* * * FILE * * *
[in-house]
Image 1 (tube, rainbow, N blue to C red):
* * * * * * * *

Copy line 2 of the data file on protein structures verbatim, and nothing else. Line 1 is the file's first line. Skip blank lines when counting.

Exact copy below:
Image 1 (tube, rainbow, N blue to C red):